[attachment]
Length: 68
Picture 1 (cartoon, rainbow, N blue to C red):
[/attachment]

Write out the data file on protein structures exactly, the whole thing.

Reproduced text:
Length: 68
Picture 1 (cartoon, rainbow, N blue to C red):